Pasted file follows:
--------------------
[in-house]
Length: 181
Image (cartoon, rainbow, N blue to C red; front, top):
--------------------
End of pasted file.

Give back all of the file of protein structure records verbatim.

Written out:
[in-house]
Length: 181
Image (cartoon, rainbow, N blue to C red; front, top):